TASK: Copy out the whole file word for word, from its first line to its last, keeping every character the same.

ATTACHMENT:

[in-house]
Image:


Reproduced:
[in-house]
Image: